Skip to comments.Latin America demands US immigration reform
Posted on 07/21/2010 7:04:47 PM PDT by 2ndDivisionVet
In a mid-May White House visit, Mexican President Felipe Calderon pressed the immigration issue in a way that reflected its importance back home, clearly making official Washington uncomfortable with his demands for reform.
"For us, migration is not only your problem," he told the US Congress. "We also consider it to be our problem."
Many banners and posters - often in Spanish - have been waved for months in Washington and other US cities in rallies urging politicians to fix the country's broken immigration system.
An unprecedented state immigration enforcement law passed in April in Arizona only raised tempers on both sides of the issue and brought condemnation from Latin America.
The law requires police to request immigration papers during traffic stops and other routine interactions, if they suspect someone may be in the country illegally. Supporters insist the law is intended to be race neutral, but critics say the law will inevitably lead to racial profiling against Latinos in a state on the Mexican border.
After months of protests organized around the country, the administration of President Barack Obama filed a lawsuit challenging the Arizona law.
The Justice Department filed the lawsuit on July 6 in a district court in Phoenix, arguing that Arizona had infringed on the US constitution, which gives the federal government power over immigration policy.
Mexico, Ecuador and Argentina have joined one of the lawsuits against the Arizona measure.
Arizona politicians argue that years of federal inaction forced them to adopt the law in the first place. Rising fears of violence along the border from Mexican drug traffickers and people-smuggling rings have fueled the issue in the state.
The Arizona law is set to take effect at the end of July.
In some Latin American countries, US immigration policy is a domestic political issue, creating pressure on national politicians who elevate it to a diplomatic issue with Washington.
The United States is commonly estimated to have about 11 million residents who lack the documents to remain legally. Most are Latino, predominantly from Mexico, though several other countries across Central and South America and the Caribbean have significant populations in the United States.
In late May, Michelle Obama was speaking with a group of children at a school outside Washington when Daisy Cuevas spoke up. "My mom says that Barack Obama is taking away everybody that doesn't have papers," the 7-year-old said.
Scrambling to improvise a delicate answer with news cameras rolling, the first lady replied: "That's something that we have to work on, right? To make sure that people can be here with the right kind of papers, right? That's exactly right."
"But my mom doesn't have any," Daisy replied.
The US-born girl's mother was reported to be a Peruvian overstayer. US immigration authorities have not pursued the family.
Just days later, Peruvian President Alan Garcia held previously scheduled talks at the White House with Obama, indirectly endorsing the US president's still vague reform plans and asking the US Congress "to support this idea."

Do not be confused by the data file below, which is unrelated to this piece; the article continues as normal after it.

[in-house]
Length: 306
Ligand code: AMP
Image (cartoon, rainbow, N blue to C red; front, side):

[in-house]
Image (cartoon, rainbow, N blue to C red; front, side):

But immigration reform at the federal level does not appear likely to succeed at least in the short term, with mid-term elections looming in the US House of Representatives and Senate.
"Ahead of the November elections ... there is no way that it's going to be discussed, because for both parties it is an issue which can cause political problems," Honduran Congress Speaker Juan Orlando Hernandez said after a visit this spring to Washington, including meetings on Capitol Hill.
Hernandez said that legislators acknowledged "that this is an issue that needs to be solved. The problem is when to solve it."
excuse me? them and what army?
Great, let’s just adopt Mexico’s immigration policy.
Hurry! Quick! How fast can the heads of these countries get to D.C. to make their feelings known on the floor of Congress? Got to give them all their turns now, Calderone already got his.
Ain’t that the place with Chavez, Noriega (however it’s spelled), Mexico, etc?
Clean up your own house, folks.
We don’t need your refuse.
Oh, would you mind taking Obama off our hands?
He so much more fits your styles of govt.
(Apologies to Columbia which appears to be really trying.)
This is reason enough for America to nuke “Latin America”. Let’s do it!
They can kiss my Chalupa!!
Latin American can go stick it where the sun don’t shine.
“For us, migration is not only your problem,” he told the US Congress. “We also consider it to be our problem.”[p]
Let’s just copy Mexico’s immigration policies, then he’ll have nothing to complain about.
How’s this for a retort:
I demand you stay the hell out of my country.
Yeppers indeed. May their Southern Border policy be Our Southern Border Policy.
Isn't imitation the best and most sincere form of flattery?
Just a bunch of Commies attacking the US, and who is speaking out to protect US sovereignty and citizens? Not a single RINO or CommieCrate among them. Know thy enemy, and also remember by their fruits you shall know them!
Latin America can frak off?! =.=
We’re taking care of the South American dregs of society. We should be telling these countries to either pay us for the care provided to the South American illegals or we’ll tax the hell out of money transfers to South/Central American and Mexico.
We really need to just build Oxycontin manufacturing plants inside the US, along with a border fence, and then dump millions of the pills into every country that demands we “reform” our immigration laws.
To Latin America: The line for the privilege of kissing my grits forms right here.....
“...Know thy enemy, and also remember by their fruits you shall know them!”
Was that about Bawney Fwank!?
Oh, we'll fix the immigration systems alright, NO immigration from anywhere for the next 25 years. Like that fix?